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"Thirty years ago old Cornelius Treverne owned Treewoofe. Craig was courting his daughter Clara. And one night Clara turned him down. Hard. Craig was furious. He flung himself out of the house and stormed down the lane. Poor old Cornelius had spent that whole day setting out a hedge of little spruce trees all along both sides of that long lane. A hard day's work, mind you. And what do you think Craig did by way of relieving his feelings? As he stalked along he would tear up a handful of old Cornelius' trees on the right hand--a few steps more--up would come a bunch on the left. He kept that up all the way down the lane. You can imagine what it looked like when he got to the end of it. And you can imagine what old Cornelius felt when he saw it next morning. He never got time to replant the trees--Cornelius was a great hand to put things off. He was a good man--painfully good. It was a blessing he didn't have any sons, or they'd certainly have gone to the bad by way of keeping up the family average. But he was no hustler. So the trees that were left grew up as they were."
"Treewoofe Farm at Three Hills... Treewoofe had been so named from some old place in Cornwall whence the Trevernes had come. The house was built on a hill overlooking the valley of Bay Silver, and Hugh bought the farm because of its magnificent view. Most of the clan thought the idea of buying a farm because it was beautiful very amusing and suspected Joscelyn of putting him up to it. Luckily, they thought, the soil was good, though run down, and the house practically new. Hugh had not made such a bad purchase, if the winter winds didn't make him wish he'd picked a more sheltered home. As for the view, of course it was very fine. None of the Darks or Penhallows were so insensitive to beauty as not to admit that. There was no doubt old Cornelius had tacked another hundred on his price because of that view. But it was a lonely spot and rather out of the world, and most of them thought Hugh had made a mistake.
Hugh and Joscelyn had no qualms about it. They both loved Treewoofe. The splendour of many sunsets had flooded that hill and the shadows of great clouds rolled over it. One evening after he had bought it, he and Joscelyn walked up to see it, going to it, not by the road but by a little crooked, ferny path through the Treewoofe beech woods, full of the surprises no straight path can ever give. They had run all over the house and orchard like children and then stood together at their front door and looked down--down--down--over the hill itself--over the farmsteads and groves in the valley below--over her own home, looking like a doll's house at that distance--over the mirror-like beauty of Bay Silver--over the harbour bar--out--out--out--to the great gulf--a grey sea, this evening, with streaks of silver--Joscelyn had drawn a breath of rapture. To live every day looking at that! And to know that glorious wind every day--sweeping up over the harbour, over the sheltered homesteads that hid from it--up--up--up--to their glorious free crest that welcomed it. And oh, what would dawn over those seaside meadows far below be like?
"We'll have three good neighbours up here," said Joscelyn. "The wind--and the rain--and the stars. They can come close to us here. All my life, Hugh, I've longed to live on a hill. I can't breathe in the valley."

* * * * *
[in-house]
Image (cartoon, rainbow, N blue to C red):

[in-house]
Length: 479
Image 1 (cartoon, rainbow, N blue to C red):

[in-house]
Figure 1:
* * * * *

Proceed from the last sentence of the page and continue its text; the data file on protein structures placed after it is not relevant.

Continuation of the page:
Turning round she could see, past the other end of the hall that ran right through the house, the lovely old-fashioned garden behind--and behind it again the orchard in bloom. Their home, haunted by no ghosts of the past--only by wraiths of the future. Unborn eyes would look out of its windows--unborn voices sing in its rooms--unborn feet run lightly in the old orchard. Beautiful to-morrows--unknown lovely years were waiting there for them. Friends would come to them--hands of comrades would knock at their door--silken gowns would rustle through their chambers--there would be companionship and good smacking jests such as their clan loved. What a home they would make of Treewoofe! All the richness and ripeness of life would be theirs.
Joscelyn saw their faces reflected in the long mirror that was hanging over the fireplace in the corner. A mirror with an intriguing black cat a-top of it which had been brought out from Cornwall and sold with the house."
"There was no light in the house. His old housekeeper must be away. Hugh went in sullenly, not by the front door, though it was nearest. He knew that it was locked. He had locked it behind Joscelyn on their wedding-night and it had never been opened since. He went in by the kitchen door and lit a lamp. He was restless. He went all over the house--the dusty ill-kept house. It was lonely and unsatisfied. The chairs wanted to be sat upon. The mirrors wanted to reflect charming faces. The rooms wanted children to go singing through them. The walls wanted to re-echo to laughter. There had been no laughter in this house since that wedding-night--no real laughter. A house without remembered laughter is a pitiful thing. He came finally to the square front hall where the ashes of the bridal fire were still in the grate. His housekeeper had her orders never to meddle with anything in the front hall. The dust lay thick over everything. The mirror was turned to the wall. He hated it because it had once reflected her face and would reflect it no more forever. The clock on the mantelpiece was not going. It had stopped that night and had never been wound again. So time had stopped for Hugh Dark when he had looked at Joscelyn and realized that she was no longer his.
On the mantelpiece, just before the clock, a wedding-ring and a small diamond ring were lying. They had been there ever since Joscelyn had stripped them from her fingers."